Home Page, Site Index, Search, Help

Go to "The People vs. Larry Flynt" Page


'Larry Flynt' Ad Campaign Gets Flagged

By Clifford Rothman
Special to The Washington Post
December 13, 1996

Relish the irony: A movie decrying censorship had its poster and print artwork banned in America.

The targeted ad campaign for "The People vs. Larry Flynt" featured actor Woody Harrelson as Hustler publisher Flynt posing as if he were being crucified on the gigantic pelvis of a scantily clad woman. Harrelson is wearing only an American flag around his midsection. The image will appear virtually across the globe, but not in the United States, where the film's poster features a head shot of Harrelson with a flag taped over his mouth.

"There is no single image you can look at and say, `That's obscene,' " Harrelson said from Hollywood, where he has been promoting the film. "And now we use this other poster, which I don't think is nearly as colorful or interesting or really says it as well."

The Motion Picture Association of America, an industry self-regulatory body that rates and approves films and supporting artwork, rejected the image early this fall.

"I don't feel at all that the original artwork was obscene. I thought it was tasty and funny," said director Milos Forman. "There are very conservative forces in the Senate and Congress, and they are trying to somehow establish censorship.

"What MPAA President Jack Valenti basically said to me is, `I will have to protect more important freedoms for us through self-censorship so that we don't provoke very conservative forces.' I respect it, but I don't like it."

"I just thought it was just another twist of irony," said Janet Yang, one of the producers of the Columbia Pictures film, which opens in Washington on Dec. 27. "And I'm not entirely surprised. We're all used to varying degrees of censorship."

Civil rights attorney Alan Isaacman, who successfully represented Flynt in his landmark First Amendment case before the Supreme Court in 1978 and was a consultant on the film, questioned the motivation behind banning the artwork. "The question is why? Why are they objecting to it? Is it the religious right? It's hard to imagine what they are concerned about if it's not political," he said.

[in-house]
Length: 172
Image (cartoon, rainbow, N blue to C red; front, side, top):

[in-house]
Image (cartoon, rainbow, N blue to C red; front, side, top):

Repeated attempts to obtain a response from Valenti's Washington office and the MPAA's ratings board office in North Hollywood were unsuccessful.

Officially, the studio maintains that the current artwork was its first choice. "There is no story. The rejected ad was only one of many in development," said Columbia spokesperson Dennis Higgins. The senior marketing executives declined to comment.

But according to the film's director, star, producer and others, the provocative ad was the first choice of the senior creative team, as well as the studio's marketing department. It was also the solitary submission to the MPAA early last fall, according to Yang.

"We all loved the original art. It was our first choice, and we were so intrigued by this far-out campaign," said Sid Ganis, Columbia Pictures-TriStar's former president of worldwide marketing, and now an independent producer on the Sony lot in Culver City, Calif. "Milos loved it and wanted greatly to use it. It was clever, unique and different."

"The artwork we have now," Forman said from Los Angeles, "is classy and tasteful, but it doesn't reflect everything the film is about -- the comedy, the eroticism. That's why I'm disappointed. The other one was a parody."

While the replacement artwork was seen as an artistic and political compromise, its merits have grown on many of those involved, as the film itself has taken shape in post-production.

"There was a certain shock value of the original. It was outrageous, arresting, shocking, very irreverent," Yang said. "But I'm not sure it was a bad thing that it was rejected. While the new ad campaign is blander, in some ways it's a more appropriate campaign."

Explained Ganis, a veteran executive who has also headed the marketing units of Paramount Pictures and Lucasfilm Ltd. over two decades: "Though this [U.S.] campaign wasn't our first choice, it really does work. It talks to the movie. . . . We have to make sure not to create in the minds of the audience that this is a sex film. It's better than the risque one, a female torso strategically covered by an image of Larry Flynt. The choice was sane."

"The People vs. Larry Flynt" will go into international release in the first half of 1997, supported by the more provocative art. "Only the few countries where censorship is rampant will reject the original art," Forman said.

Said Isaacman: "It does seem strange that a film whose message is anti-censorship has its poster censored."

© Copyright 1996 The Washington Post Company

Back to the top


Home Page, Site Index, Search, Help